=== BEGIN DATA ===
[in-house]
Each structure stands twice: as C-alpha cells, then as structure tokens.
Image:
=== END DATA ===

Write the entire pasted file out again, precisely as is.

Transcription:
[in-house]
Each structure stands twice: as C-alpha cells, then as structure tokens.
Image: